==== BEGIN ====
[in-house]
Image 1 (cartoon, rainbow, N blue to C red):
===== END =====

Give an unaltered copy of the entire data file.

[in-house]
Image 1 (cartoon, rainbow, N blue to C red):